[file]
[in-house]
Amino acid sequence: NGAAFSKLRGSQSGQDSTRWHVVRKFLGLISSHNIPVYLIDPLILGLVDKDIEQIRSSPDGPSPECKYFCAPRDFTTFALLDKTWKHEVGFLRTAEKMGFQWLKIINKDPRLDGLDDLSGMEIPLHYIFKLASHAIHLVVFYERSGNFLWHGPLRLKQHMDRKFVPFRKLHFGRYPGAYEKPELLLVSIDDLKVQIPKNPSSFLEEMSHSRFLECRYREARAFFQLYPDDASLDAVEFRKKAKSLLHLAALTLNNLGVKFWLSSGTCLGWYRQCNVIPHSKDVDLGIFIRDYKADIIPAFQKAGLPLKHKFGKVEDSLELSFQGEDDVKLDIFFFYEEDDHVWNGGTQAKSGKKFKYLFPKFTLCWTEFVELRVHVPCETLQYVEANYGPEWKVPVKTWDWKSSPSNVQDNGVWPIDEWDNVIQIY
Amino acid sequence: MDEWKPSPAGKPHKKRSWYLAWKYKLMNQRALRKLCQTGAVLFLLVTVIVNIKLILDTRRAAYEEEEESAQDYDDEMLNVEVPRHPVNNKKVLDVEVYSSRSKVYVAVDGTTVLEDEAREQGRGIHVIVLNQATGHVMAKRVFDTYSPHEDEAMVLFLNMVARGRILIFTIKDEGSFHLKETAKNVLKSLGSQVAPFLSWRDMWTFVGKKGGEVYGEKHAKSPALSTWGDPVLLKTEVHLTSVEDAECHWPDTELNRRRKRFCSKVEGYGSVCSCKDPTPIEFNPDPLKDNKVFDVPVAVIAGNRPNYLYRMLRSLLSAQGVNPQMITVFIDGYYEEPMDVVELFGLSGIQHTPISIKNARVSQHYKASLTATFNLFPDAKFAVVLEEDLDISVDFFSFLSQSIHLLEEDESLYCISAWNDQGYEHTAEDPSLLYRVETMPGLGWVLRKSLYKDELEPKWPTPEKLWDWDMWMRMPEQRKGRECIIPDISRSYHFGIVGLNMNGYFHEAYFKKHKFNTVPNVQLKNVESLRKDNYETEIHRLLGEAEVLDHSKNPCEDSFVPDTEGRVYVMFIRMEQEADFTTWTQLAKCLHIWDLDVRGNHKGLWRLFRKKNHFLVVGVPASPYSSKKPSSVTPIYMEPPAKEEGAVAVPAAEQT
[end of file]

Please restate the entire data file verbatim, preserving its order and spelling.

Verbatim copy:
[in-house]
Amino acid sequence: NGAAFSKLRGSQSGQDSTRWHVVRKFLGLISSHNIPVYLIDPLILGLVDKDIEQIRSSPDGPSPECKYFCAPRDFTTFALLDKTWKHEVGFLRTAEKMGFQWLKIINKDPRLDGLDDLSGMEIPLHYIFKLASHAIHLVVFYERSGNFLWHGPLRLKQHMDRKFVPFRKLHFGRYPGAYEKPELLLVSIDDLKVQIPKNPSSFLEEMSHSRFLECRYREARAFFQLYPDDASLDAVEFRKKAKSLLHLAALTLNNLGVKFWLSSGTCLGWYRQCNVIPHSKDVDLGIFIRDYKADIIPAFQKAGLPLKHKFGKVEDSLELSFQGEDDVKLDIFFFYEEDDHVWNGGTQAKSGKKFKYLFPKFTLCWTEFVELRVHVPCETLQYVEANYGPEWKVPVKTWDWKSSPSNVQDNGVWPIDEWDNVIQIY
Amino acid sequence: MDEWKPSPAGKPHKKRSWYLAWKYKLMNQRALRKLCQTGAVLFLLVTVIVNIKLILDTRRAAYEEEEESAQDYDDEMLNVEVPRHPVNNKKVLDVEVYSSRSKVYVAVDGTTVLEDEAREQGRGIHVIVLNQATGHVMAKRVFDTYSPHEDEAMVLFLNMVARGRILIFTIKDEGSFHLKETAKNVLKSLGSQVAPFLSWRDMWTFVGKKGGEVYGEKHAKSPALSTWGDPVLLKTEVHLTSVEDAECHWPDTELNRRRKRFCSKVEGYGSVCSCKDPTPIEFNPDPLKDNKVFDVPVAVIAGNRPNYLYRMLRSLLSAQGVNPQMITVFIDGYYEEPMDVVELFGLSGIQHTPISIKNARVSQHYKASLTATFNLFPDAKFAVVLEEDLDISVDFFSFLSQSIHLLEEDESLYCISAWNDQGYEHTAEDPSLLYRVETMPGLGWVLRKSLYKDELEPKWPTPEKLWDWDMWMRMPEQRKGRECIIPDISRSYHFGIVGLNMNGYFHEAYFKKHKFNTVPNVQLKNVESLRKDNYETEIHRLLGEAEVLDHSKNPCEDSFVPDTEGRVYVMFIRMEQEADFTTWTQLAKCLHIWDLDVRGNHKGLWRLFRKKNHFLVVGVPASPYSSKKPSSVTPIYMEPPAKEEGAVAVPAAEQT